U.S. pandemic relief negotiations and Brexit talks weigh on asian markets


Asian equities eased from record highs on Thursday as stalled U.S. stimulus talks and a sell-off in tech stocks weighed, while sterling traders sat on a knife’s edge as last-ditch Brexit negotiations yielded only an agreement to keep talking.

MSCI’s broadest index of Asia-Pacific shares outside Japan eased 0.34%. Japan’s Nikkei erased early losses to trade 0.1% lower. Both are up more than 60% from March lows. S&P 500 futures meanwhile pared early gains and steadied in Asian afternoon trade.

U.S. Treasuries rose while the dollar slightly eased after a volatile overnight session in currency markets, with traders now looking ahead to a European Central Bank monetary policy meeting. Sterling teetered at $1.3366 as it awaits a Brexit resolution.

“We’ve risen so far so fast that it’s making investors cautious,” said Michael McCarthy, chief strategist at stockbroker CMC Markets in Sydney.

“The fall in tech stocks was a bit of a concern, given that they’ve risen in all market weather over the last six weeks, so to see them come off might signal that we’re looking at a short term corrective move.”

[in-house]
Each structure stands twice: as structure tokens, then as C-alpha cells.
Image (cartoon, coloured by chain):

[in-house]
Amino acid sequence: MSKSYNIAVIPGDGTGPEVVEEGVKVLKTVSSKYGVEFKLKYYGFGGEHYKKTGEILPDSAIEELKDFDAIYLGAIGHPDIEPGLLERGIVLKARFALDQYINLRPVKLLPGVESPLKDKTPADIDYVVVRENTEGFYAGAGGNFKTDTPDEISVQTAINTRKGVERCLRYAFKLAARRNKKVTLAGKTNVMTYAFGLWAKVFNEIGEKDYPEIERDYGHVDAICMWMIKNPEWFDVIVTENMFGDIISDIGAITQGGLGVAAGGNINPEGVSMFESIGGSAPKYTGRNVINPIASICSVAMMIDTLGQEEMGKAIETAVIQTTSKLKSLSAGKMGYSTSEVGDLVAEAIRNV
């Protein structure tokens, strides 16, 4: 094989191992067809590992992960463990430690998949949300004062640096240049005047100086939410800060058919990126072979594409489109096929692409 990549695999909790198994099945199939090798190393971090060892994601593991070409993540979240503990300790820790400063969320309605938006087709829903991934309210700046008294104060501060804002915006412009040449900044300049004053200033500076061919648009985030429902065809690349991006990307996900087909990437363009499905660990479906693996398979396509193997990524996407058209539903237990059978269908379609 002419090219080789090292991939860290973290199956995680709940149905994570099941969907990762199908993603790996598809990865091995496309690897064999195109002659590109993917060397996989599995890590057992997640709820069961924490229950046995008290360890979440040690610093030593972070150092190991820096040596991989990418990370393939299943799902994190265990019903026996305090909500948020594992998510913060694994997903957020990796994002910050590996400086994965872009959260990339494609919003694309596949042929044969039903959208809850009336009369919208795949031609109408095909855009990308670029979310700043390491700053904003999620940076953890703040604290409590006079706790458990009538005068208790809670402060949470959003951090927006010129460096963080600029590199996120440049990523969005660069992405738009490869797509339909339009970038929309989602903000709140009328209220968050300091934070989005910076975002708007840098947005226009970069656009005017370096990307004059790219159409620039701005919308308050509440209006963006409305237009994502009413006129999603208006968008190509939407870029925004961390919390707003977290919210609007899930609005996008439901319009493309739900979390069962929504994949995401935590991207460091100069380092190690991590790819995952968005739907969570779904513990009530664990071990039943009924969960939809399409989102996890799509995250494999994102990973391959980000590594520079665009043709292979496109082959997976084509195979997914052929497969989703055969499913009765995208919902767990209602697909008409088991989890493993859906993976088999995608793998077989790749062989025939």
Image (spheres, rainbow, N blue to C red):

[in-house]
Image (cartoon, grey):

A near 2% drop in the Nasdaq on Wednesday was driven by a 1.9% fall in Facebook (NASDAQ:FB) shares after U.S. regulators filed lawsuits alleging the company used its dominance to buy or crush rivals, harming competition.

Meanwhile, S&P Dow Jones Indices said on Thursday it would remove ten Chinese companies from its equities indices and several others from its bond indices.

This move comes after a Trump administration order to prohibit purchases by U.S. investors of certain Chinese securities. Index provider FTSE Russell did the same last week.


Cautious trading in Asia came amid widespread uncertainty surrounding long-running U.S. pandemic relief negotiations and talks between Britain and the European Union over trade arrangements post Brexit.

U.S. lawmakers approved a stopgap government funding bill on Wednesday, but were unable to sort out disagreements over aid to state and local governments that are holding up a broader spending package.